Posts tagged with "2014"

Keep Your Estate Planning Documents Current

Too often we will responsibly execute legal documents, put them in a safe place and then promptly forget about them. An experienced estate planning attorney can assist with keeping your important legal documents current by making appropriate changes to these documents based upon your life or lifestyle.

There is no set schedule for updating your will, living will, durable power of attorney or living trust, etc. but there are some life events that may serve as a guideline. Some of those events could be getting married or a change in your marital status whether that is a divorce, the death of a spouse or a remarriage. Another may be becoming a parent.

Other life changing events impact our assets, perhaps making a major purchase like becoming a homeowner or selling a property, receipt of a substantial inheritance, moving to another state or even a change in the tax code would merit a review of our important documents. Changes in financial status, whether positive or negative, may warrant an update to your existing estate planning documents or in some instances, be better served by more complex legal documents.

Retirement is another milestone that can impact estate planning with regard to changes in financial needs and status. Sometimes life challenges like becoming disabled or other serious physical ailments may force us to re-evaluate our needs. Also, as we advance in years or experience negative changes to our health, we may wish to modify our estate planning documents.

It is important to periodically contact your attorney so that you can discuss life changes, review your important legal documents and effectively plan for the future. Like any successful partnership, you will want to trust and be comfortable with the lawyer with whom you choose to do business. Evaluate your research, use common sense and hire the attorney you feel will best represent and champion your needs.

It is important to update your documents frequently, and it is even more important to do that with experienced estate planning attorneys like those at Maya Murphy, P.C. If you would like to speak to one of our estate planning attorneys feel free to call 203-221-3100 or email at today!

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2014 Estate & Gift Tax Limits Adjusted For Inflation

Starting next year, people who have done some estate planning and made the maximum tax-free transfers to their families (and those thinking about doing it) can take another crack at it. Beginning January 1st 2014, the amount folks can pass on during life (and at their death) completely free from federal estate tax will increase by an additional $90,000.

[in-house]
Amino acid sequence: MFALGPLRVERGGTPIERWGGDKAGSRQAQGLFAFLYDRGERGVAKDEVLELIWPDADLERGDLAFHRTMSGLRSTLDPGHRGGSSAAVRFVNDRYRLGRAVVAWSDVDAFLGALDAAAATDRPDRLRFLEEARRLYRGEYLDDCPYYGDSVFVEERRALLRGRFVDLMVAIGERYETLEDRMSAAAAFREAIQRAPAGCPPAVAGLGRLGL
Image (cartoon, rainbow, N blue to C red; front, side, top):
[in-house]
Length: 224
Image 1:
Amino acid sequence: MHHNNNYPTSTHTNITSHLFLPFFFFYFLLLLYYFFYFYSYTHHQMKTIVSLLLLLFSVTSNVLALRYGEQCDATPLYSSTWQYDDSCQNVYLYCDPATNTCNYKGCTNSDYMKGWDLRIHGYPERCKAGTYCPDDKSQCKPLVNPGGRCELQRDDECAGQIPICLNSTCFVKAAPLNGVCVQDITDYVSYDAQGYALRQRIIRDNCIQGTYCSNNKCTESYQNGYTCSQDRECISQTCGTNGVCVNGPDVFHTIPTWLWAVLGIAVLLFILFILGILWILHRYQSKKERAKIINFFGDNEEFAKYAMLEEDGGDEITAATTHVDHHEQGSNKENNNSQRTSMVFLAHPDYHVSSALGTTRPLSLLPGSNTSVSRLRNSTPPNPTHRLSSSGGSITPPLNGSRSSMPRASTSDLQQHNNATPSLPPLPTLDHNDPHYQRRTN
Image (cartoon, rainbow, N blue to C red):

Using the Consumer Price Index data for the most recent month and the preceding 11 months, the tax experts at Research Institute of America calculated and reported increases for 2014 to a number of tax limits including the income where the various marginal tax brackets apply, the standard deduction amounts, the personal exemption amount, and a number of other items. They also calculated adjusted amounts for the various estate tax and gift tax limits that will apply in 2014.

Gift tax limits rise in 2013
2013 tax rules than can save you money
Reducing taxes on IRA payouts

Here are a few of the new limits that affect tax free gifts made in 2014:

Unified estate and gift tax exclusion amount. For gifts made and estates of decedents dying in 2014, the exclusion amount will be $5,340,000 (up from $5,250,000 for gifts made and estates of decedents dying in 2013).

This means that in 2014, each person has a credit that can be used to offset the estate tax on a taxable estate of up to $5.34 million of assets. The practical application of this is that individuals can make gifts during life or transfers at death of up to this new higher limit and pay no federal estate tax. Also, new last year is that spouses may combine their unused individual credit amounts and pass on assets free of estate tax on a taxable estate of up to $10.68 million at the death of the second spouse, assuming none of these credits were used during their lifetimes.

Other estate limits that change in 2014 include:

Generation-skipping transfer (GST) tax exemption. The exemption from GST tax will be $5,340,000 for transfers in 2014 (up from $5,250,000 for transfers in 2013).

Increased annual exclusion for gifts to non-citizen spouses. For gifts made in 2014, the annual exclusion for gifts to non-citizen spouses will be $145,000 (up from $143,000 for 2013).

Foreign earned income exclusion. The foreign earned income exclusion amount increases to $99,200 in 2014 (up from $97,600 in 2013).

Gift tax annual exclusion. For gifts made in 2014, the gift tax annual exclusion will be $14,000 (same as for gifts made in 2013). Generally the amount that can be given to any individual each year that is excluded from the gift tax is $14,000 per person per year. In 2014, this amount is projected to remain at $14,000 per person as the amount that may be gifted annually free from the gift tax. Parents may also use the technique of “gift splitting” or combining gifts to a child, whereby they can each make a gift of $14,000, for a total amount of tax free gifts made of $28,000 to a single person or child each year.

credit-Ray Martin

If you have any questions about this information, or if you would like to speak with one of Maya Murphy’s experienced estate planning attorneys, call 203-221-3100 or email today!

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